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Record Numbers Attend, Exhibit at 10th International GSAC Conference

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MIAMI BEACH, Fla.--Close to 2,000 attendees are expected at the 10th International Genome Sequencing and Analysis Conference (GSAC) here September 17-20. Conference organizers said recordbreaking numbers of exhibitors, researchers, and industry representatives have been attracted by a diverse and rigorous agenda, a chance to network in a field rife with job openings and partnership opportunities, and a larger and more accessible venue. The announcement earlier this year by Craig Venter, president of conference sponsor the Institute for Genomic Research, of his ambition to sequence the human genome within three years also probably did not hurt registration numbers, organizers conceded.

The four-day conference agenda, beginning at 6:30 pm Thursday and interrupted only for scheduled meals and sleep until Sunday evening, includes presentations by well known industry, government, and academic leaders, including Affymetrix President Stephen Fodor, Dean Hamer of the US National Cancer Institute, SmithKline Beecham Chief Scientific Officer George Poste, David Cox of the Stanford University School of Medicine, Ari Patrinos of the US Department of Energy, and Rita Colwell, director of the US National Science Foundation.

Sequencing sessions

Several individual genome sequencing projects will be presented, including C. elegans, Drosophila, and the mouse on Friday morning, and Arabidopsis thaliana during a plant genomics session Friday evening. Claire Fraser, known for completing the first sequence of a microbial organism at the Institute for Genomic Research, will discuss microbial genome sequencing in the presentation "Insights into Physiology and Evolution."

Several talks addressing plant genomics include Monsanto's Ganesh Kishore, "Plant Genomics and the Future of Agriculture and Nutrition"; Steve Tanksley of Cornell University, "Application of Genomics to the Identification, Utilization, and Cloning of Economically Valuable Genes QTL's in Plants"; and Harvard's Ray Goldberg, "The Future of Crop Genomics: Its Impact on Crops, Animals, and Humans."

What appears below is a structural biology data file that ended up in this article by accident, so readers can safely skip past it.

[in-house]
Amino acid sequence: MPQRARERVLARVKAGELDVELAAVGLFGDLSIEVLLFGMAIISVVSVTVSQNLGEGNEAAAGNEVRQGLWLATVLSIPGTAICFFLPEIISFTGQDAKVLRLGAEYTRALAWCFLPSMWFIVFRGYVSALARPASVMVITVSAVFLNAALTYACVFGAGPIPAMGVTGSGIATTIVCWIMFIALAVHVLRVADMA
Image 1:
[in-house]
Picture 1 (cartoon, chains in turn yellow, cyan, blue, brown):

Various aspects of human genome sequencing, including "The Feasibility of Human Whole Genome Shotgun Sequencing," "Large-scale Human Genome Sequencing by the DOE Joint Genome Institute," and "Human Chromosome 4 Sequencing" will be discussed Saturday morning.

Concurrent sessions on genomics, informatics, and technology will be held Friday, Saturday, and Sunday afternoons.

Hot topics

Conference cochair Chris Somerville, director of Stanford University's Carnegie Institution, said he expects increased attention to chip technology and microarrays at the conference this year. "The technology has been coming, but there has been a lot of activity this year. And nothing will change genomics like microarrays and gene chips will," he told BioInform.

Somerville remarked that in years past, microarrays have been hailed as the "next big thing," but, he said, "this year there are data available on experimental use of that technology." High-throughput screening and new sequencing technology will also be hot topics, he predicted. "There is a lot of excitement about the new capillary sequencers. There will be lots of backroom talk about them," Somerville said.

Perhaps even more than scientific discussions, networking opportunities are a big attraction for GSAC attendees, Somerville continued. "In terms of bioinformatics this is the place to make contacts and look at all the new packages," he said. "It's certainly the place I got the best sense of the demand for professionals in this field." Somerville remarked that bulletin boards typically display hundreds of job openings for bioinformaticists. "Anybody with any expertise can go there and find a job," he claimed.

New products

As of BioInform press time last week, 84 vendors of bioinformatics and genomics technologies had registered to exhibit products at GSAC. One exhibitor claimed that, sorting through attendee mailing labels he bought from the Institute for Genomic Research, he counted "about 400 attendees from exhibiting companies." Here is a preview of some of the new products that will be exhibited in the bioinformatics market.